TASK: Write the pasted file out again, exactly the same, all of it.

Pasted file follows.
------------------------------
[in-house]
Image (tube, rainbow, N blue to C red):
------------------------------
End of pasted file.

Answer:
[in-house]
Image (tube, rainbow, N blue to C red):